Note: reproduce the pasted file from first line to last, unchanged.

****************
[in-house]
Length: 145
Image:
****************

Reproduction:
[in-house]
Length: 145
Image: